determine whether their physical complaints have any relation to exposure to
chemical substances, and they had given evasive answers to discovery requests.
(Id. at pp. 1381-1382.) The trial court entered a case management order requiring
each plaintiff to file a statement establishing a prima facie claim, identifying the
injury-causing chemical or toxic substance, the dates, manner, and place of
exposure, the nature of each plaintiff‟s injuries, and the identity of each medical
expert who would support the plaintiff‟s personal injury claim. (Id. at pp. 1381,
1383.)
             The plaintiffs objected to a non-simultaneous exchange of experts, but
did not seek appellate review of the order. (Cottle, supra, 3 Cal.App.4th at pp.
1374, 1380, fn. 3.) The plaintiffs complied with the order by submitting a

                                          17
statement that the trial court found to be insufficient to establish a prima facie case,
except with regard to emotional distress. (Id. at p. 1380.) On the eve of trial,
therefore, after experts had been designated, the trial court entered an order
excluding evidence of physical injury. (Ibid.)
             Thus, the issue in Cottle was whether the trial court may, on the eve of
trial, exclude evidence of physical injury in complex litigation, where the plaintiffs
have admitted that they had not been diagnosed with any physical injury or ailment
                                                     11
as a result of their exposure to toxic substances.        The question of whether a trial
court may order an early, unilateral exchange of experts was not considered by the
appellate court, and its opinion is therefore not authority on that issue. (See
Palmer v. GTE California, Inc. (2003) 30 Cal.4th 1265, 1278.)
             Nor did the Cottle court have before it an order requiring the plaintiffs
to establish a prima facie case of causation before discovery was complete and
before a trial date had been set. (Cottle, supra, 3 Cal.App.4th at p. 1385.) Indeed,
the court pointed out that “it would have been unreasonable to expect petitioners to
make such a connection prior to conducting discovery, but on the eve of trial,
requiring such a showing is not unreasonable.” (Ibid.) Thus, although Cottle
provides no authority regarding a forced unilateral disclosure of experts, its dictum
is instructive with regard to petitioners‟ contention that it was error to order them
to make a prima facie showing of causation. We need not reach that contention,
however, since the prima facie showing was to be made with the declarations of
experts, and we have already held that part of the order to be invalid.
             Petitioners‟ remaining obligations under the case management order
of March 27, 2003, did not require them to make a prima facie showing of


11
       The dissent in Cottle provided a well-reasoned argument against permitting such a
procedure. (See Cottle, supra, 3 Cal.App.4th at pp. 1389-1406, dis. opn. of Johnson, J.)

                                          18
causation and exposure. The order set out a list of facts that petitioners were to
provide under oath, including facts with regard to the decedent‟s injuries, the name
of each substance or equipment to which he was exposed, the method, dates, and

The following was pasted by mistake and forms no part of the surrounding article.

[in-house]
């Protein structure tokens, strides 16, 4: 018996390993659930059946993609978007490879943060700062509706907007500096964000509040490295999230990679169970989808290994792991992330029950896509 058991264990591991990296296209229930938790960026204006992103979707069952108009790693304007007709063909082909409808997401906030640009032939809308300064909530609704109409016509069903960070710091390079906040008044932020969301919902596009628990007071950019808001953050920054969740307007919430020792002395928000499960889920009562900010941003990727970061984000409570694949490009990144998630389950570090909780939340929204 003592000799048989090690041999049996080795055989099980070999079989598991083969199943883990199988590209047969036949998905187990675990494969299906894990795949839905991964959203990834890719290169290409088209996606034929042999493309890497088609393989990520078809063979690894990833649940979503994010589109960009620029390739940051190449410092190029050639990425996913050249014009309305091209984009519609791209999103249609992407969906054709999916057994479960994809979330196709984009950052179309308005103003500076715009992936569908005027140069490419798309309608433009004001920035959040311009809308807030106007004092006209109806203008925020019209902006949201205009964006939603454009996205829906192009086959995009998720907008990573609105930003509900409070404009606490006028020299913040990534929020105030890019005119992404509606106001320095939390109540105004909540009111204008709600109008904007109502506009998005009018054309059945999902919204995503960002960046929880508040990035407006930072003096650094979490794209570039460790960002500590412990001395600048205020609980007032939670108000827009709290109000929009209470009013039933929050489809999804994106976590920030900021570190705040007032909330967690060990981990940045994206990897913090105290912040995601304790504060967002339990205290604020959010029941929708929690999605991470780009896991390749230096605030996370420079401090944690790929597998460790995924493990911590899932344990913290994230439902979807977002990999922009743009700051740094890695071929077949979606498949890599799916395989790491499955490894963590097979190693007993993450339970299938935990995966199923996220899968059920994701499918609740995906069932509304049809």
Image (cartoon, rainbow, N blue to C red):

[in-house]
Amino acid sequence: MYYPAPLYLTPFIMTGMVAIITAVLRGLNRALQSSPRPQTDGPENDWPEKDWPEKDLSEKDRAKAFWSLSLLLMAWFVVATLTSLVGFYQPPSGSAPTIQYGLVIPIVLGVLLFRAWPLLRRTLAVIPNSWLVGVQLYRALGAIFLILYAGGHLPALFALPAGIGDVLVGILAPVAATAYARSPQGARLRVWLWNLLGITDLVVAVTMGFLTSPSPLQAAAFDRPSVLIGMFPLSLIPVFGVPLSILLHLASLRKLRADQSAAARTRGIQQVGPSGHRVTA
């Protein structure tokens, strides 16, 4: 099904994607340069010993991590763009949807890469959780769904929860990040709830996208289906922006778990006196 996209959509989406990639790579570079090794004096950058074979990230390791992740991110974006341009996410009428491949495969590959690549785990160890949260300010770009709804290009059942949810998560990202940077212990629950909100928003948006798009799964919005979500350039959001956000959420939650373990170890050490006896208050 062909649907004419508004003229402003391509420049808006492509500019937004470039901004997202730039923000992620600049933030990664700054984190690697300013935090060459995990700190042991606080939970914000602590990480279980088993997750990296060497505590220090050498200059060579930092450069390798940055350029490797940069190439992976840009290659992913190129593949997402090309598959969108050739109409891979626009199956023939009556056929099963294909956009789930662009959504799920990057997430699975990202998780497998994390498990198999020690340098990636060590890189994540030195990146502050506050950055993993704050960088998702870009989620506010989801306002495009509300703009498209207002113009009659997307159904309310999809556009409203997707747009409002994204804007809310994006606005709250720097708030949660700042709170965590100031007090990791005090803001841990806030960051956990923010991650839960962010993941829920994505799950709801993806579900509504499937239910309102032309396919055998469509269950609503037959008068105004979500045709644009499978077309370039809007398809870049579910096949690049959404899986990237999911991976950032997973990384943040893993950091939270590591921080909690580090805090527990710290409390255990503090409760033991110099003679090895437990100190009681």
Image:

places of exposure, facts showing which injury was caused by each identified
substance or equipment, and all facts upon which petitioners would rely to
establish that each particular product or equipment was a “substantial factor” in
bringing about the injuries.
             As we have already discussed at length, trial courts have broad
discretion to fashion suitable methods of practice in order to manage complex
litigation, so long as the procedures adopted do not conflict with any statute, rule
of law, or Judicial-Council rule. (Rutherford v. Owens-Illinois, Inc., supra, 16
Cal.4th at p. 967.) A case management order is a useful tool in managing complex
litigation. (Lu v. Superior Court (1997) 55 Cal.App.4th 1264, 1267.) Among
other advantages of such orders, discovery can be facilitated with detailed
schedules and special form interrogatories or other orders requiring all parties to
disclose certain information. (Id. at p. 1268.)
             The purpose of pretrial discovery is to obtain all of the facts relative to
a claim or defense. (Deyo v. Kilbourne, supra, 84 Cal.App.3d at p. 782.) A party
responding to discovery requests may be required to state whether or not he or she
makes a particular contention, and to disclose the evidentiary facts underlying each
such contention, as well as each allegation of his complaint or affirmative defense.
(Burke v. Superior Court (1969) 71 Cal.2d 276, 281.) The list of facts petitioners
were required to provide here was information of this kind, and the order will
achieve in short order the discovery that petitioners would have to provide in any
event, but will do so over a much longer period, thus appropriately serving the
purpose of case management orders in complex litigation. (See Lu v. Superior
Court, supra, 55 Cal.App.4th at p. 1268.)

                                          19
             Petitioners contend, however, that the case management order of
March 27, 2003, went further than ordering the disclosure of facts. It states: “To
the extent plaintiffs are unable to provide the information set forth above as to any
defendant, or as to any of such defendant‟s product(s) and/or equipment, the Court